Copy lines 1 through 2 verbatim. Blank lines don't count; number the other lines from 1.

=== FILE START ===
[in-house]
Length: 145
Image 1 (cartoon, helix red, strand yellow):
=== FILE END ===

[in-house]
Length: 145